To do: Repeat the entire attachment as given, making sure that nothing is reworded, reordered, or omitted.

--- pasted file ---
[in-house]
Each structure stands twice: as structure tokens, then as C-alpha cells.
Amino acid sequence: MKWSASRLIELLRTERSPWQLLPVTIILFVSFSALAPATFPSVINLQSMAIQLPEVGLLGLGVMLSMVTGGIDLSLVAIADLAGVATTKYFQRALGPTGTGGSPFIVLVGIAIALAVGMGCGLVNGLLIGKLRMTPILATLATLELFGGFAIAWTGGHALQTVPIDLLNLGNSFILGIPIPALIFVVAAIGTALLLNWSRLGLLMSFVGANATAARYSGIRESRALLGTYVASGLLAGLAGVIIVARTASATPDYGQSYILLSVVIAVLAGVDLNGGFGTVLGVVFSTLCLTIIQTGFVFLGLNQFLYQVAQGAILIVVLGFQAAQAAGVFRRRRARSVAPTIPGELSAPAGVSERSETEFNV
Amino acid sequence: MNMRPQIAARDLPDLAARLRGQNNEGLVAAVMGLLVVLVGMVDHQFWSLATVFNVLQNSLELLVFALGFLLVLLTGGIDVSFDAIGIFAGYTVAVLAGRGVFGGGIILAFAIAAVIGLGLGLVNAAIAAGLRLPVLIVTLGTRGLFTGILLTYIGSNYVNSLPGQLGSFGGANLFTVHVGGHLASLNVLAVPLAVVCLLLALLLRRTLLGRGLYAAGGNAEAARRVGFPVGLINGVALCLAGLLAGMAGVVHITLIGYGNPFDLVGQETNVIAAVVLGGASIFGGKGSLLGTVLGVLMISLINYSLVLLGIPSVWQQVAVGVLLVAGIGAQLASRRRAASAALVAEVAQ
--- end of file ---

[in-house]
Each structure stands twice: as structure tokens, then as C-alpha cells.
Amino acid sequence: MKWSASRLIELLRTERSPWQLLPVTIILFVSFSALAPATFPSVINLQSMAIQLPEVGLLGLGVMLSMVTGGIDLSLVAIADLAGVATTKYFQRALGPTGTGGSPFIVLVGIAIALAVGMGCGLVNGLLIGKLRMTPILATLATLELFGGFAIAWTGGHALQTVPIDLLNLGNSFILGIPIPALIFVVAAIGTALLLNWSRLGLLMSFVGANATAARYSGIRESRALLGTYVASGLLAGLAGVIIVARTASATPDYGQSYILLSVVIAVLAGVDLNGGFGTVLGVVFSTLCLTIIQTGFVFLGLNQFLYQVAQGAILIVVLGFQAAQAAGVFRRRRARSVAPTIPGELSAPAGVSERSETEFNV
Amino acid sequence: MNMRPQIAARDLPDLAARLRGQNNEGLVAAVMGLLVVLVGMVDHQFWSLATVFNVLQNSLELLVFALGFLLVLLTGGIDVSFDAIGIFAGYTVAVLAGRGVFGGGIILAFAIAAVIGLGLGLVNAAIAAGLRLPVLIVTLGTRGLFTGILLTYIGSNYVNSLPGQLGSFGGANLFTVHVGGHLASLNVLAVPLAVVCLLLALLLRRTLLGRGLYAAGGNAEAARRVGFPVGLINGVALCLAGLLAGMAGVVHITLIGYGNPFDLVGQETNVIAAVVLGGASIFGGKGSLLGTVLGVLMISLINYSLVLLGIPSVWQQVAVGVLLVAGIGAQLASRRRAASAALVAEVAQ